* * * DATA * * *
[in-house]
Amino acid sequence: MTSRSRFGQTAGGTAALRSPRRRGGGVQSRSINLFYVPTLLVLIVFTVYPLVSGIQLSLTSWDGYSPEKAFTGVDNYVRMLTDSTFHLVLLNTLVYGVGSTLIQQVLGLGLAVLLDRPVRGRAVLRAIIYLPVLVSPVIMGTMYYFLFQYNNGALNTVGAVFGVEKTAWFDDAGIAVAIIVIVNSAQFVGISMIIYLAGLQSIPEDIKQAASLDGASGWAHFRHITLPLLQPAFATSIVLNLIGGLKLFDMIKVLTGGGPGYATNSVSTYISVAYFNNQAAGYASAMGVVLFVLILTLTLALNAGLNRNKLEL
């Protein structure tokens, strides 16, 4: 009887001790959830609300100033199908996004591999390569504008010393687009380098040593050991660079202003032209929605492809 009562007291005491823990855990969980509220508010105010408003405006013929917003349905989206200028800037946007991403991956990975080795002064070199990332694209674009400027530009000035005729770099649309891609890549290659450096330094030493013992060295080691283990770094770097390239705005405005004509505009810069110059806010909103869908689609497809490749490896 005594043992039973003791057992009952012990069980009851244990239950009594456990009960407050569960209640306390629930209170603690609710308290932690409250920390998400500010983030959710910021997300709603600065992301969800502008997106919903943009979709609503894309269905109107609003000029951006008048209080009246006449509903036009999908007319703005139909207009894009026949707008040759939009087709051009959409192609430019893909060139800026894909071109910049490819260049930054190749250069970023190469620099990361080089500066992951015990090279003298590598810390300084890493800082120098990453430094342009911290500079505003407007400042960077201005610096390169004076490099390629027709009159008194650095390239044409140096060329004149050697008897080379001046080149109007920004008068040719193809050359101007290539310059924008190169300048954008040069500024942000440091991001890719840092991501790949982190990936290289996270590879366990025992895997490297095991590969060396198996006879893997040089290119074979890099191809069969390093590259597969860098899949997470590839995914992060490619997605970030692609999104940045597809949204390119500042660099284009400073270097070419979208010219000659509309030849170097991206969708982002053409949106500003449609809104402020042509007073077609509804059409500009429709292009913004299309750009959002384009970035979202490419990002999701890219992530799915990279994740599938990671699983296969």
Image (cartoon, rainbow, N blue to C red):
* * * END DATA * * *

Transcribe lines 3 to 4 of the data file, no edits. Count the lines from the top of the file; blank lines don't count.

């Protein structure tokens, strides 16, 4: 009887001790959830609300100033199908996004591999390569504008010393687009380098040593050991660079202003032209929605492809 009562007291005491823990855990969980509220508010105010408003405006013929917003349905989206200028800037946007991403991956990975080795002064070199990332694209674009400027530009000035005729770099649309891609890549290659450096330094030493013992060295080691283990770094770097390239705005405005004509505009810069110059806010909103869908689609497809490749490896 005594043992039973003791057992009952012990069980009851244990239950009594456990009960407050569960209640306390629930209170603690609710308290932690409250920390998400500010983030959710910021997300709603600065992301969800502008997106919903943009979709609503894309269905109107609003000029951006008048209080009246006449509903036009999908007319703005139909207009894009026949707008040759939009087709051009959409192609430019893909060139800026894909071109910049490819260049930054190749250069970023190469620099990361080089500066992951015990090279003298590598810390300084890493800082120098990453430094342009911290500079505003407007400042960077201005610096390169004076490099390629027709009159008194650095390239044409140096060329004149050697008897080379001046080149109007920004008068040719193809050359101007290539310059924008190169300048954008040069500024942000440091991001890719840092991501790949982190990936290289996270590879366990025992895997490297095991590969060396198996006879893997040089290119074979890099191809069969390093590259597969860098899949997470590839995914992060490619997605970030692609999104940045597809949204390119500042660099284009400073270097070419979208010219000659509309030849170097991206969708982002053409949106500003449609809104402020042509007073077609509804059409500009429709292009913004299309750009959002384009970035979202490419990002999701890219992530799915990279994740599938990671699983296969």
Image (cartoon, rainbow, N blue to C red):